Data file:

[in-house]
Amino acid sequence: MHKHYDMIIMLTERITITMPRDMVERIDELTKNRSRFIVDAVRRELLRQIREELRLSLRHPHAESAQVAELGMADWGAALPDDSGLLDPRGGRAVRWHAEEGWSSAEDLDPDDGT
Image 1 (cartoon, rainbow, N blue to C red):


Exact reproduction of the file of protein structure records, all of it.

[in-house]
Amino acid sequence: MHKHYDMIIMLTERITITMPRDMVERIDELTKNRSRFIVDAVRRELLRQIREELRLSLRHPHAESAQVAELGMADWGAALPDDSGLLDPRGGRAVRWHAEEGWSSAEDLDPDDGT
Image 1 (cartoon, rainbow, N blue to C red):